California-based networking gear maker Brocade Communications will be acquired by chipmaker Broadcom for approximately $5.9 billion.
To avoid future conflicts in its semiconductor business, Broadcom will sell the IP business of Brocade later.
“This acquisition enhances Broadcom’s position as one of the leading providers of enterprise storage connectivity solutions to OEM customers,” stated Hock Tan, president and chief executive officer of Broadcom.
Brocade investors would receive $12.75 per share at 47 percent premium over the Friday close of $8.69.
“Our FC SAN solutions will help Broadcom create one of the industry’s broadest portfolios for enterprise storage,” said Lloyd Carney, chief executive officer of Brocade.
Chipset makers gain
Over the past few years, chipmakers were aggressively buying networking equipment companies in order to tap opportunities rising from worldwide data center expansions and digital transformation and to capture market share.
US semiconductor maker Qualcomm last week announced a $47 billion deal to buy Dutch rival NXP to extend its footprint into the internet of things and the automobile sector. In the biggest ever deal in the semiconductor market, the agreement will boost the US company amid falling mobile phone sales and stiff market competition.
In July, SoftBank of Japan purchased British chip designer ARM Holdings for $32 billion. In 2015, Intel bought Altera for an approximate $17 billion. NXP earlier acquired Freescale Semiconductor for $11.8 billion.
Broadcom will be looking for buyer for Brocade’s IP Networking business which includes hardware and software-based solutions spanning the core of the data center to the network edge.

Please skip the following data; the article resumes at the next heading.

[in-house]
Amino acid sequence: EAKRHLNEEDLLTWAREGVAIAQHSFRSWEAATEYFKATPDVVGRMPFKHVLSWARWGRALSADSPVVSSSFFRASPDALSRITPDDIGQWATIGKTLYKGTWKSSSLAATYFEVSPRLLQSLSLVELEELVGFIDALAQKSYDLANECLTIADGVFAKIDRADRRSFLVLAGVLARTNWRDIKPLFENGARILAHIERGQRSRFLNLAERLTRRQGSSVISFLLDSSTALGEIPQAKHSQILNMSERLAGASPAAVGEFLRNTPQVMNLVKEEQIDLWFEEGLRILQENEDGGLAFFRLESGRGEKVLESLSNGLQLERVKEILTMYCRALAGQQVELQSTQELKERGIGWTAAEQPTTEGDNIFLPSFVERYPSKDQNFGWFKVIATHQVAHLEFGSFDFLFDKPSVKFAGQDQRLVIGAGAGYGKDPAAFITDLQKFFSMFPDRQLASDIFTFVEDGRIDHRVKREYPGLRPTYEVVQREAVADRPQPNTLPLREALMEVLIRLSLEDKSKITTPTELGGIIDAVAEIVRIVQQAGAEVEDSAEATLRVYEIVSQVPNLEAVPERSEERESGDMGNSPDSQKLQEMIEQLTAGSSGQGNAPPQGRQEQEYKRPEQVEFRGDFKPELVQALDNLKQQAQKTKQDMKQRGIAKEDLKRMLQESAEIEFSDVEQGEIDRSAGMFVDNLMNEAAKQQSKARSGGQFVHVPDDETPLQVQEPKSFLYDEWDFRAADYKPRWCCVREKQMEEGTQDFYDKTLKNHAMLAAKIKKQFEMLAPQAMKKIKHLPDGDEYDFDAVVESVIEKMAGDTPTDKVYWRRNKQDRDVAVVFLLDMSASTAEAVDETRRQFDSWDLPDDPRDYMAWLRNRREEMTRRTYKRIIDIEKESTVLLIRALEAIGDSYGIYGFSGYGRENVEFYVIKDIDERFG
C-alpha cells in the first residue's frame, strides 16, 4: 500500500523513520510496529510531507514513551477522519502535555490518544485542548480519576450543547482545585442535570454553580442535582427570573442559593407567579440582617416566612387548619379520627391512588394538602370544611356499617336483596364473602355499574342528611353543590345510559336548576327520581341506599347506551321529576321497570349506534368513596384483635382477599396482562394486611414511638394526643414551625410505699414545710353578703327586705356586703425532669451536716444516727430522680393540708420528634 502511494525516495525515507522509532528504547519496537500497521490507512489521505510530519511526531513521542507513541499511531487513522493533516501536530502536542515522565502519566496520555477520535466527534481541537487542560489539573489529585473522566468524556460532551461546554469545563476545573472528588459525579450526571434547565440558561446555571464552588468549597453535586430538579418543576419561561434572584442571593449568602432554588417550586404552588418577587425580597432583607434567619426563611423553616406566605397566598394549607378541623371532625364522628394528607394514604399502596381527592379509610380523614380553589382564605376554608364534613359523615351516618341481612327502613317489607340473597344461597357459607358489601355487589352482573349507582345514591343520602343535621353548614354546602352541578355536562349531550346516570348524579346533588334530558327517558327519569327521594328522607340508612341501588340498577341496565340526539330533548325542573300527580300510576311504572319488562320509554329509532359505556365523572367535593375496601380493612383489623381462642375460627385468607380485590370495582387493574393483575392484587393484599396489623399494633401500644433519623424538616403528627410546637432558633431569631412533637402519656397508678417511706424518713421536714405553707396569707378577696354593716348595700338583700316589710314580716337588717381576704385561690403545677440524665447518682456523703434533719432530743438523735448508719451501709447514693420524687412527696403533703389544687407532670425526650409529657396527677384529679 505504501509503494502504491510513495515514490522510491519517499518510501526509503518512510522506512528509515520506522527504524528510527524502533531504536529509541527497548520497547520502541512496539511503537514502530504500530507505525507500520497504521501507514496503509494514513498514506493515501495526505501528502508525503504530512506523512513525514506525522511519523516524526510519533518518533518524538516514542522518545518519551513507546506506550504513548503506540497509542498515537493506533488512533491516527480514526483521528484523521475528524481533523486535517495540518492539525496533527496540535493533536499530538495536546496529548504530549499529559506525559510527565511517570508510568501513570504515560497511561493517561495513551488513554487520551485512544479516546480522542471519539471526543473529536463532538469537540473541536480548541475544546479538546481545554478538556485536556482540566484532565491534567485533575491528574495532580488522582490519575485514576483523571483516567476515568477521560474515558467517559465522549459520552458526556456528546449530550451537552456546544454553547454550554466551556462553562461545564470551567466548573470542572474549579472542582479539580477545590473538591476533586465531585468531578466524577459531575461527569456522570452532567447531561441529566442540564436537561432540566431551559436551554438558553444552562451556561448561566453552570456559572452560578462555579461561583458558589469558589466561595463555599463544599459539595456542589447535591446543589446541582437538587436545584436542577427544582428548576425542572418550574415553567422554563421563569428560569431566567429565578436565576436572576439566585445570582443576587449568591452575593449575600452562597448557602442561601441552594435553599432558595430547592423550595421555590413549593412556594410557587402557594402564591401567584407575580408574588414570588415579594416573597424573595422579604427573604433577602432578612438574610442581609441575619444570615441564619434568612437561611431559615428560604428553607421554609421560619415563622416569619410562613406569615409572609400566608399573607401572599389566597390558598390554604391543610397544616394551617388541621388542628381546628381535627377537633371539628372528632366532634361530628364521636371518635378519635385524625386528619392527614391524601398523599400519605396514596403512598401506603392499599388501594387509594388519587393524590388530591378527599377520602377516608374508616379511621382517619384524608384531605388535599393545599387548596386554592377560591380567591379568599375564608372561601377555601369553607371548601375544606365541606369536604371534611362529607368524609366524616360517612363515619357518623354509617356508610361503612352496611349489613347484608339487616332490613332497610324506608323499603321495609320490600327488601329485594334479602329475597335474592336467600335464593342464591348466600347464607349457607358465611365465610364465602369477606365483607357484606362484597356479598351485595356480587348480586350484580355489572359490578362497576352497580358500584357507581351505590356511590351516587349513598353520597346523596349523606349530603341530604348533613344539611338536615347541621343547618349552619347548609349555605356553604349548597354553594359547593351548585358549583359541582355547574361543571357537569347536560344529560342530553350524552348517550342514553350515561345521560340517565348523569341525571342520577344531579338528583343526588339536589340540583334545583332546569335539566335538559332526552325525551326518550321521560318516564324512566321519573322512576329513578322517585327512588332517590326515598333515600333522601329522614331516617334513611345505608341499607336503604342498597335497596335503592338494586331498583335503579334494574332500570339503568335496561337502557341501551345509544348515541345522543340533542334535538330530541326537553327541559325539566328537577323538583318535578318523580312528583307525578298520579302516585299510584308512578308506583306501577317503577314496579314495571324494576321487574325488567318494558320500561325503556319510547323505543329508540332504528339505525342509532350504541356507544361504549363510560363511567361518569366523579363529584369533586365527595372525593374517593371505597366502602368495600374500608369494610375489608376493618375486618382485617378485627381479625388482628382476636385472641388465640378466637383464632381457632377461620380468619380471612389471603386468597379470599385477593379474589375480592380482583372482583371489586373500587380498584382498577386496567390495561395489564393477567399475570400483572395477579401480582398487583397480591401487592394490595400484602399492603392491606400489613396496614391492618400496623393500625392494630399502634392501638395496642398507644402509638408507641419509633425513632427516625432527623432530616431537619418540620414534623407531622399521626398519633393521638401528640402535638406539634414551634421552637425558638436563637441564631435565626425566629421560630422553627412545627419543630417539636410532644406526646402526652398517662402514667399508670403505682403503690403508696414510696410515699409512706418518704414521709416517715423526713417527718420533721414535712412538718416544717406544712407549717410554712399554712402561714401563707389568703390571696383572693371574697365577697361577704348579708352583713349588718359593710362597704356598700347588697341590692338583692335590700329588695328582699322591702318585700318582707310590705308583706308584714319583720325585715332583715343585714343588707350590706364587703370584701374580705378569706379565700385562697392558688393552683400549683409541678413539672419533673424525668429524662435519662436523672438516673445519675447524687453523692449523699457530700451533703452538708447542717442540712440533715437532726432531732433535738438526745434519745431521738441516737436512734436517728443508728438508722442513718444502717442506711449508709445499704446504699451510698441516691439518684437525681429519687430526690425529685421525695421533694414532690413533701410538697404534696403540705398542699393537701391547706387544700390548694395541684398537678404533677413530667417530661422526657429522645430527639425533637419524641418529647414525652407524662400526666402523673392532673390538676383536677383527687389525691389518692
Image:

There was a chance for the deal to set the stage for competition between Broadcom and its networking chip customers such as Cisco, Arista, and others. Its decision to spin off Brocade’s IP networking business will avoid any issue, said Morningstar stock analyst Brian Colello.
Brocade’s networking gear could give chipmaker Broadcom a greater role in building out data centers to meet the growing demand for cloud computing, Bloomberg said.
Brocade in action
Brocade bought a dozen companies between 2003 and 2016 and none of them provided an escape route from competing with Cisco – the ever-present big networking cheese with a scale that Brocade could never match.
As a result of Brocade’s acquisition of McData in 2006, with McData having bought FC switch supplier CNT in 2005, the Fibre Channel director, switch market consolidated to Brocade, the leader, and Cisco, with QLogic and Emulex more or less sharing the associated Fibre Channel HBA market between them. QLogic had a switch interest as well but gave it up in 2013, gaining Brocade’s HBA business later. These were the glory days of the FC SAN market, with 2Gbps FC giving way to 4Gbps and then 8Gbps.
Cisco and others tried to switch Fibre Channel users to Ethernet, with FCoE (Fibre Channel over Ethernet) technology, but that failed as lossless, enterprise-class Ethernet was never standardised effectively enough to make an FCoE technology purchase generally practicable.
However, the FC SAN market began running out of steam as hyper-converged infrastructure grew in popularity, replacing physical SANs with virtual SANs. That growth is strong and continuing. Some SAN data is going to the public cloud, and developing NVMe over Fabrics connectivity technology, much faster than Fibre Channel, threatens to replace it as the best method for accessing primary data in shared storage arrays.
If this Broadcom-Brocade deal goes ahead then this leaves Cisco as the only original Fibre Channel director and switch supplier left standing. It will surely now be predicting stronger competition from a scaled-up Broadcom.
In the converged systems market where, because it is a server supplier, other server suppliers with converged system stacks, like Dell-EMC, HPE and others, will be feeling friendly towards a Broadcom-Brocade combination.
Broadcom itself was acquired last year by Singapore-based Avago Technologies in a $37 billion deal intended to create a mobile chip-making powerhouse. Avago was originally a semiconductor unit of US-based Hewlett-Packard.
According to research firm IDC, total spending on IT infrastructure products (server, enterprise storage, and Ethernet switches) for deployment in cloud environments will increase by 15.5 percent in 2016 to reach $37.1 billion.